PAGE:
Saturday, 2 October 2021

Books read in September

With just six books read for September it sounds like I've had quite a slow reading month. Except that it doesn't feel like that, probably because one of the books was over 600 pages long and the two non-fiction books I read took me a while to get through. Anyway, these are the books:

63. The Secret Life of Albert Entwistle by Matt Cain 

64. A Talent to Amuse by Sheridan Morley 

65. Grey Mask by Patricia Wentworth 

66. The Collected Ghost Stories by E.F. Benson. He's best known now for Mapp and Lucia but I gather in his day it was his ghost stories he was famous for. I'm not surprised. It was wonderful to reread his output, so brilliantly imaginative and beautifully written. One of my favourite ghostly collections - an especially good creepy read for Autumn. Highly recommend. 

67. Sherlock Holmes and the Shadwell Shadow by James Lovegrove (to be reviewed but a fun romp.)

68. 40 Memorable Life Experiences edited by Robert Fear (to be reviewed, very good.)

So, four fiction and two non fiction.  Apart from the two non-fictions I was mainly based in the UK last month which is very odd for me! But the two non-fictions, Noel Coward's biography and 40 Memorable Life Experiences took me all over the world. I prefer to travel a bit with my fiction too though so hopefully I can arrange that a bit better this month.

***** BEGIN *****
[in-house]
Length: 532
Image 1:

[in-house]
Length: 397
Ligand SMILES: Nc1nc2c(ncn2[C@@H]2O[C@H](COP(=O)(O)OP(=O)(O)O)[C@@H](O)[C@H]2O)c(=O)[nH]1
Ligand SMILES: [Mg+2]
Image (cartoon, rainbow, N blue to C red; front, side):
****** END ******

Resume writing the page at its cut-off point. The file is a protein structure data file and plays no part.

So what's for October? I'm not sure is the answer to that.

I started a reread of this:

But it's not grabbing me and I can't remember whether it took a while to get going last time I read it (2007 apparently). At the moment all the drug taking is irritating me so I fancy I may put that aside for the time being, or read it slowly in dribs and drabs when the mood strikes.

Perhaps something else from this pile as I've only read one so far.


I'm pretty sure I'm going to start The Salt Path next and I want to read The Moth and the Mountain too. I also really want to reread The Historian this month. We'll see. But I love October so hopefully it will be chock full of good books!

Happy Autumn!


20 comments:

(Diane) Bibliophile By the Sea said...

Cath, October is always a favorite month of mine as well. I recall reading The Historian, another talented author there. I don't even care how many books I read - my numbers sometimes seem high as I generally read 4-5 kids books each month. My problem now is to catch up with reviews and blog comments LOL Hope October is a good month for you.

Yvonne @ Fiction Books Reviews said...

I have had several Blog Tour Reviews to complete during September, so I have had to get myself a lot more organised about reading a book, then getting the review drafted immediately, before starting on another book. So far, this arrangement seems to be working really well and everything remains under control, as we venture into October.